Pond Scum for a Cleaner Tomorrow

The water-choking stuff could be the key to reversing climate change

Duckweed

Could this green stuff be the key to a cleaner tomorrow?Noël Zia Lee (CC Licensed)

Biologists at the Waksman Institute of Microbiology at Rutgers University have a strange fascination with pond scum. But the fascination may prove more useful than anyone could have imagined.

Most recently, the aquatic plant duckweed has gained attention after being targeted as a possible source of biofuel (not unlike that other pond-choking stuff). But that's just one of the potential applications scientists at the five allied institutions have been uncovering. Thanks to its high nutritional value, duckweed holds promise as a livestock feed, one that's more sustainable due to its ability replenish itself relatively easily (duckweed creates biomass faster than any other flowering plant). It's also being tapped as a means to extract nitrogen and phosphate pollutants from sewage and agricultural wastewater.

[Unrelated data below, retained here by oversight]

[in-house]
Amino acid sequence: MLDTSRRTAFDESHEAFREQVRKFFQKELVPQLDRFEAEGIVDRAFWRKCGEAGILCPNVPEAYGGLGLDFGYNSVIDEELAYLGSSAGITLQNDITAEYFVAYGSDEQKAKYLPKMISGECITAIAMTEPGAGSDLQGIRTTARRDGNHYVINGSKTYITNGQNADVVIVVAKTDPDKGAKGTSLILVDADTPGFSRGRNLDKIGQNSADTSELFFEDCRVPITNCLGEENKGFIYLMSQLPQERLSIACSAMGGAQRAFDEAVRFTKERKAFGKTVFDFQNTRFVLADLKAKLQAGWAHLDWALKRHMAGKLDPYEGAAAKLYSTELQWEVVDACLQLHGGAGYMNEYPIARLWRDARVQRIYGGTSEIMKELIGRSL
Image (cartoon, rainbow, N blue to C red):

Abundant throughout the world, duckweed can be found through North and Central America, Europe, Africa and Asia in fresh water ponds, marshes and streams. Each frond absorbs nutrients through the entire plant, not a central root system like a plant that grows in soil. Because the body of duckweed is composed of metabolically active tissue, photosynthesis is dedicated primarily to producing proteins, which gives the plant its high nutritional value. It's also the smallest plant to bear fruit, each of which is about 1.5 mm wide.

The merits of the plant must have been persuasive, because the U.S. Department of Energy's Joint Genome Institute recently selected duckweed for genome sequencing as part of its 2009 project portfolio.

Who knows what further research will bring? In the future, if anyone says you're pond scum, you may be inclined to thank that person and be on your way.